The internet is positively brimming with predictions and opinions on who will/should win the coveted Oscar statuettes, so why should we at Walking Taco be any different? Although I’ve seen more of this year’s contenders than last year, I am still woefully behind. However, to keep the trend rolling, I shall once again attempt to predict this year’s winners based on their trailers. (A * denotes my vote for the competition with my film students.)

Want to go head to head with me? Copy and paste the ballot at the end into the comments to throw down with your own predictions!

UPDATE: I have added the Actual Winners as they are announced, and if different than my predictions, my response. Final tally – 19 out of 24, same as last year! Now to get to actually seeing all these films beyond what their trailers have to offer! Also, congratulations to Kaylee in 2nd Hour and Sam in 3rd Hour for scoring the highest number correct in the student competitions.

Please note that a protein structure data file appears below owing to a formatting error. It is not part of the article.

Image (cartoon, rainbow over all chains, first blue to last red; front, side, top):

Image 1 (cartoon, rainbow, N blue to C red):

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Affleck checked and rechecked the nominees list to make sure there wasn't some sort of mistake that he wasn't nominated for Best Director.

Affleck checked and rechecked the nominees list to make sure there wasn’t some sort of mistake that he wasn’t nominated for Best Director. At the very least, his beard should have gotten an acting nom.

BEST PICTURE
Who Will Probably Win: Argo *
Actual Winner: Argo